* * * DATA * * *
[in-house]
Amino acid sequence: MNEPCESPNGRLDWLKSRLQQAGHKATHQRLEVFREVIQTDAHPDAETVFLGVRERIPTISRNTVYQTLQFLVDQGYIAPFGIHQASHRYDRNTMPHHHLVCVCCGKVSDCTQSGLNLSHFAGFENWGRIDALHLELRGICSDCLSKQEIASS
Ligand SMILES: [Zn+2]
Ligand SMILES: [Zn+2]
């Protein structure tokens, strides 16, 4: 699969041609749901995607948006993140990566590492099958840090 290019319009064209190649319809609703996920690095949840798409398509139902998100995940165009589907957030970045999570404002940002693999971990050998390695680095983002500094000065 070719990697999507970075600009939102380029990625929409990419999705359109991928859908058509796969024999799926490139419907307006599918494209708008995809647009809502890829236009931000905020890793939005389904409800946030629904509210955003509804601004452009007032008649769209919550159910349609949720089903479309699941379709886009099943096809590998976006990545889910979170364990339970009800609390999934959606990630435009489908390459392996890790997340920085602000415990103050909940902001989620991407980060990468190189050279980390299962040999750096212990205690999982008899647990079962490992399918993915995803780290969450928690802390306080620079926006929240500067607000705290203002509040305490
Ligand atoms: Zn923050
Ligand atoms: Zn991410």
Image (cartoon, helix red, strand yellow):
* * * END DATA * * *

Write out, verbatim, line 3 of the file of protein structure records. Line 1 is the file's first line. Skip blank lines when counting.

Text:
Ligand SMILES: [Zn+2]